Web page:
Myha’La Herrold of ‘Industry’ Discusses Black Representation in TV and Getting Your Big Break During a Global Pandemic

A selfie of Myha'La Herrold. She is a young black woman, make-up free, her hair slicked back, She has her nose and septum piercing with a ring, a silver ring can be seen in her left ear. She is posing with a bouquet of yellow flowers and smiling.
Credit: @mmyhala

Meet Myha’la Herrold, the breakout star from HBO’s Industry. She plays Harper Stern, a bright-eyed American trying to make her way into the finance world in London. The eight-part series delves into the lives of 5 young graduates all competing for limited permanent positions at an investment bank. We watch these multi-dimensional characters show grit and energy through their trial and tribulations by sacrificing their body, mind and egos in hopes of landing a permanent spot at Pierpoint & Co. The show gives a fresh and sexy twist to a rather tedious job and makes the business talk easy and understandable.

On top of her starring role in Industry, Myha’la has worked on the anthology series Modern Love and Rashaad Ernesto Green’s drama, Premature.

Screen Queens’ guest contributor Kadija Osman had the opportunity to chat with Herrold about her new show, her casting process and budding female friendships. The show had its premiere on November 8 and all eight episodes are currently available to stream on HBO Max and releasing weekly on BBC Two.

KO: What about Harper Stern made you want to play her and what was the casting process like?

MH: Harper’s drive is what I immediately identified with. Her success-by-any-means-necessary approach may not be one I share with her, but her fierce confidence in her abilities and her assuredness that she belongs amongst the best in her field is something I’ve always tried to lead with. What I love about Harper is she’s taken out insurance on herself, meaning she knows she’s the best because she’s worked hard to be as good as she is. I strive to put in the work that I know is necessary to be able to say ‘Yes I belong here because I have done the work and proven myself through it’. She’s also extremely good at scams which I am not, but wish I could be! (laughs)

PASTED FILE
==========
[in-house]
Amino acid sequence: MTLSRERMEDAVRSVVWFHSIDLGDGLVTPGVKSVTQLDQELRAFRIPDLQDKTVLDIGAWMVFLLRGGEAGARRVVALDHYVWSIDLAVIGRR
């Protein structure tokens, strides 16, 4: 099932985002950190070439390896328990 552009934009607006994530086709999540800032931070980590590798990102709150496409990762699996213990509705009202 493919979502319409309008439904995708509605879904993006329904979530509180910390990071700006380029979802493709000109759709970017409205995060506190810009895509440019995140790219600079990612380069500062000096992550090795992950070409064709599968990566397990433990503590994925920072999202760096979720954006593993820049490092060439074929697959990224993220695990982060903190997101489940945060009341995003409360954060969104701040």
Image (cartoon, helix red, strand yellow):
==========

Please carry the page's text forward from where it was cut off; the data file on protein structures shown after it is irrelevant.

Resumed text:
The casting process felt pretty fast to me. I sent in a series of self-tapes before I met the writers, Mickey and Konrad, over Zoom where they gave me some notes to re-tape with. I then met with Lena Dunham to read — that was a crazy experience. She was so kind and really just fun which I guess I wasn’t exactly expecting. I had no expectations really so it was all a really pleasant and exciting surprise. Shortly after I flew out to Wales to meet and read with the other cast. A few days after that read I got the phone call that I had the job! Two days later it was my birthday. One of the coolest weeks of my life.

Without saying too much, let’s just say Harper Stern isn’t all who she says she is. What is it like to see the fans’ reactions to her so far?

I love seeing how folks are reacting to the show and to Harper. The most affirming response I get is from Black women who actually work in the finance industry saying how excited they are to see themselves represented on screen. I’m not sure they will, but I hope people continue to root for Harper. One of my favourite things about this show is you’re never really sure who you should be rooting for.


A still from the TV show 'Industry. 5 young 20-somethings are seen dressed in business wear against a city skyline backdrop, they are all looking towards something off-camera.
BBC

What do you want viewers —especially black girls— to take away from your character?

Most of all, I hope that Black folks who watch this show will see Harper and recognise that she’s not a typical Black character we see on screen. She’s not a trope or a stereotype, and that doesn’t make her any less Black. The Black experience is multifaceted and vast and broad. If I were a young Black girl watching this, I’d think “it’s so exciting to watch a Black girl on screen not through a white, predominately male, gaze. And that means I can be whatever I want to be and it doesn’t diminish or discount my Blackness.”

How much did you know about the finance world prior to filming, and was it a bit daunting stepping into it or did it come naturally to you?